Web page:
Last month, one of Australia’s three energy market regulating organizations, the Australian Energy Market Commission (AEMC), recommended much-needed rule changes, including one that would enable fast and flexible resources like battery-based energy storage, to participate in Australia’s National Energy Market (NEM). We at Fluence applaud the move, because as grid operators and market participants across the United States, United Kingdom, Germany and others already know, energy storage provides vital balancing services and greater reliability at a lower cost. 

Fast-response resources like storage are a key way to add flexibility to the electricity network, which both strengthens the capabilities of the existing system and drives out inefficient operating costs. For example, UK transmission owner and operator National Grid estimated that the deployment of the Enhanced Frequency Response (EFR) market and use of storage to provide sub-second range frequency control on the UK grid would result in cost savings of £200 million.

I and members of my team contributed comments to AEMC’s effort, offering experience drawn from deploying projects in other markets facing similar grid transitions. I find working with countries like Australia, who are taking positive steps to transform their network, to be one of the most rewarding parts of my job. As Australia and other countries work to adopt new market rules, I would like to offer three key insights that will help speed up adoption of flexible resources like energy storage onto their networks.

1. Don’t start from scratch: multiple markets already designed to cope with reliability issues

Countries can get a head start by first looking at how other markets have approached incorporating resources like storage. The discussion we see happening now in the Australian market is oriented around defining the framework for this setup in the near future. However, we already have the framework—multiple markets in the United States have already worked through issues surrounding utilizing and compensating energy storage to provide frequency control. In particular, PJM, the mid-Atlantic grid operator of the United States, has produced clear guidelines on how to compensate providers for fast-responding storage resources that Australia can draw on.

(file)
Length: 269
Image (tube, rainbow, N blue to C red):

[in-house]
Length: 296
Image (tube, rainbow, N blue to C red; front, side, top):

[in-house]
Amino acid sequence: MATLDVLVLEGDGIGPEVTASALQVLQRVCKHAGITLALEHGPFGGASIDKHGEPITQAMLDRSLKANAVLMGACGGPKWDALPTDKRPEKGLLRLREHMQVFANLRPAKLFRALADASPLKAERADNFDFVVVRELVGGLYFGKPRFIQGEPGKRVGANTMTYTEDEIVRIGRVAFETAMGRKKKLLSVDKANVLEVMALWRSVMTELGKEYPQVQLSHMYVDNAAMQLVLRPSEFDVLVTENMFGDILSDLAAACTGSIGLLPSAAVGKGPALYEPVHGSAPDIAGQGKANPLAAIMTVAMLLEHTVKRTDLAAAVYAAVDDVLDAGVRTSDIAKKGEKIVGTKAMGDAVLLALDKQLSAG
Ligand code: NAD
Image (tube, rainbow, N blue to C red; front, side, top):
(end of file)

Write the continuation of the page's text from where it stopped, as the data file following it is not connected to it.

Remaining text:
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When we first deployed battery-based storage to the PJM system in 2008, we were surprised to see the range of speed and control storage provided. In some instances, the signal from PJM and our system’s response looked like identical curves, to the point where we spot-checked twice to make sure that the data was correct. Other times, the storage assets performed much faster than was both required and compensated. We worked closely with PJM to develop a market that recognized this extra benefit to the market, which led to our customer building an additional 62 MW of energy storage in the PJM market, delivering savings to consumers and addressing the regulation needs of the system overall. While there are still areas for improvement in this market, a key lesson for others is to build on the lessons learned from other markets so as not to repeat those mistakes.